Kinda had to take a break from OctOgreFest for some other blogging duties this month… but I found something was worth ending the hiatus for.
Some of my admittedly few readers may have asked, where did the name The Hungry Reader come from? It wasn’t my original choice: in the year or so that I daydreamed about this blog before starting it, I was calling it “Dandelion Library,” after a series of books with a unique two-in-one structure. Eventually that title was abandoned, it sounded a little wimpy. I’d like to think that The Hungry Reader is a bit sharper-edged than that, despite my vague attempt to keep the articles clean enough for you to share with kids who may be reading these books for the first time.
Then the name “The Hungry Reader” struck me out of nowhere like a lawn dart to the center of memory.
Everybuggy who’s anybuggy has heard of Cricket Magazine. If you were a kid with a taste for literature in the last 30 years, you’ve probably either had a subscription or read copies in one of your classrooms. The late Lloyd Alexander, an accomplished author best known for his Chronicles of Prydain series (which are themselves best known for inspiring Disney’s least successful feature), was an important player in the creation of Cricket, and a contributor of words and art until his death in 2007.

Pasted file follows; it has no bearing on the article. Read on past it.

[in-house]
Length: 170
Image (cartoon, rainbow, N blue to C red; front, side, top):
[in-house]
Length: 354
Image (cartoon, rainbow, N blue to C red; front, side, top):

1989 was the “Year of the Young Reader,” or at least it was heralded as so in the pages of Cricket. I never heard anything about it outside of the magazine… did anyone participate in something related to this in school? Either way, in April of 89, Cricket ran a contest in celebration, the winners of which would receive full Encyclopedia Brittanica sets (YEE-HAW!) and a trip to Washington D.C. to visit the museums. It was an essay contest: write 350 words about how books have changed your life. Lloyd Alexander was the judge of this contest, but just to demonstrate his qualifications, he wrote an entry of his own.
His essay was called, “A Hungry Reader”.
Usually I just clip out a few paragraphs to comment on, but this is a special case. With apologies to Cricket and much respect to Mr. Alexander, I’m reposting the entire essay here, complete with buggy cartoons by Jean Gralley.
Thanks for the inspiration, Lloyd.